June 22 2021
4:49 AM
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Published on December 29, 2020 4:47 AM

by Kate Briquelet - Senior Reporter

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TERRORISM Nashville Explosion
Tom Lundborg was a teenager in the late 1970s when he worked under accused Nashville bomber Anthony Quinn Warner, who was a technician for an alarm company.

Back then, Lundborg's father owned A.C.E. Alarms, a firm providing commercial and residential burglar systems, but was incapacitated in a car wreck. That left a young Lundborg and 20-something "Tony" Warner to run the business, and they drove to different sites to do burglar alarm installations and service calls.

"I worked with Tony as his helper. I kind of looked up to him. He was kind of a hippie. Had long hair, a Magnum, P.I. mustache," Lundborg told The Daily Beast. "He was a smart cocky kind of guy. I rode around with him all day every day—during the summers, at least for a couple years."

Lundborg said Warner disliked authority, loved smoking weed and claimed he'd just gotten out of the Navy. (It's unclear whether Lundborg was ever in the U.S. Armed Forces, but records show he was arrested for marijuana possession in 1978.)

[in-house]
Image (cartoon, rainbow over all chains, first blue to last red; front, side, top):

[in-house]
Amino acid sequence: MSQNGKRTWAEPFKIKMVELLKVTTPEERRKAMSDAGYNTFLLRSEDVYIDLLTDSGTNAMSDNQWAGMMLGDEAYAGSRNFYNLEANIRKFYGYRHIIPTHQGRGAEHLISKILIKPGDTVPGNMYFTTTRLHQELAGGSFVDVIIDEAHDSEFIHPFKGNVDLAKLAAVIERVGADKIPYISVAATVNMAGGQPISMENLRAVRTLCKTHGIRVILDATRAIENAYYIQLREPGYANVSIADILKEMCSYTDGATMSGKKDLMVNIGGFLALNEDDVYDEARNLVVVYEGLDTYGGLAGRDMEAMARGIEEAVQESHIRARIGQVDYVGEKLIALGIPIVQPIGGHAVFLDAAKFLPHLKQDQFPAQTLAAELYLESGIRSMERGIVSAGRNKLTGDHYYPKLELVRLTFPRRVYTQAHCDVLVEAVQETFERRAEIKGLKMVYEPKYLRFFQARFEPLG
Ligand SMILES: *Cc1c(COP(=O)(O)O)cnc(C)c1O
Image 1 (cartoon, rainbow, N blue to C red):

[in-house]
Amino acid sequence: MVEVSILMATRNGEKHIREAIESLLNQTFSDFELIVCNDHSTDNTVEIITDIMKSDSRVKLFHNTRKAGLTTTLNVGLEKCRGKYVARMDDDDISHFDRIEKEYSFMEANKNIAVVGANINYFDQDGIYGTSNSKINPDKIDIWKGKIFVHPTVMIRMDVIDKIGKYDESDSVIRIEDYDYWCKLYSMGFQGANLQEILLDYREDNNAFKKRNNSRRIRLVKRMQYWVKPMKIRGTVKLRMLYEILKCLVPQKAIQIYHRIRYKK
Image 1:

They drove around listening to 103 KDF, previously Nashville's main rock station, and if Warner spotted a police officer, he'd break his silence to lecture the teenage Lundborg.

"I hate cops. They're all corrupt," Warner would say. "Never trust a cop."

Lundborg said he spoke to the FBI about Warner, as authorities try to piece together a motive for the Christmas Day explosion which injured eight people and destroyed multiple buildings. Warner, 63, died in the blast.

Early that morning, a recreational vehicle registered to Warner detonated after playing a recording bearing a grim warning: a bomb would go off in 15 minutes. The RV also played the 1964 hit "Downtown" by Petula Clark, a song that opens with the words, "When you're alone and life is making you lonely / You can always go downtown."